Weight loss surgery such as bariatric surgery or where the stomach is banded so that the patient tends to eat less could be the next best weapon against diabetes after insulin.
Australian researchers have found that obese patients with diabetes who had weight loss surgery were five times more likely to get their disease under control than those who dieted.
The study, documented in the Journal of the American Medical Association, is among the first to look at surgery as a potential treatment for obese patients with type 2 diabetes.
Type 2 diabetes is closely linked to obesity and is on the rise worldwide. At least 170 million people are estimated to have the disease and the number is predicted to at least double by 2030.
Bariatric surgery involves altering the digestive system to limit food intake. This type of surgery has been growing at a rapid pace, with the number of procedures rising to 200,000 in the United States in 2006, from just 13,000 in 1998.
The operation is performed through small slits . It involves looping a band around the top of the stomach to reduce it into a small pouch so that people eat less and yet feel full. Other weight-loss operations are more extreme and involve cutting or stapling the stomach and rearranging the small intestine. Of the 205,000 weight-loss operations performed in the United States last year, 25 percent to 30 percent used the gastric banding.
John Dixon of Monash University in Melbourne and colleagues decided to test if surgically induced weight loss could be an effective treatment for type 2 diabetes.
Dixon's team examined 60 obese people with a body mass index greater than 30 but less than 40. Body mass index or BMI refers to a ratio of the height and weight. A BMI of 30 or greater is considered obese.
The subjects were given either surgery or a weight loss program that focused on diet and lifestyle changes.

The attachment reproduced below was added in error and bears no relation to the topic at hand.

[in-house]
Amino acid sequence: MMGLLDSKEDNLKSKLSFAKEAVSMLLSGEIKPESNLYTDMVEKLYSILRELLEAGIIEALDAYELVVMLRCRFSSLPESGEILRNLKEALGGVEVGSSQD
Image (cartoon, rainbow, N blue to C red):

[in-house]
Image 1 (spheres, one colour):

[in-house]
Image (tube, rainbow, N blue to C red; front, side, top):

Those in the surgery group were treated with an adjustable gastric banding device which limited food intake. Both groups also received conventional diabetes medications.
At the end of two years, 73 percent of the diabetics who had surgery no longer had diabetes, compared with 13 percent of those in the diet group. Diabetic subjects who had got surgery also needed far fewer diabetes medications.
On an average the surgical group lost 20.7 percent of their body weight, compared with 1.7 percent in the diet and lifestyle group.
According to researchers, it was the large weight loss, and not the surgery per se, that helped the patients.
"This has important implications as it suggests that intensive weight-loss therapy may be a more effective first step in the management of diabetes than simple lifestyle change," note the researchers.
At the same time , the new results probably do not apply to all patients with type 2 diabetes. In this case, the subjects had fairly mild cases of recent onsets- all had received the diagnosis within the previous two years. According to experts, for people who have more severe and longstanding diabetes, the disease may no longer be reversible, no matter how much weight is lost.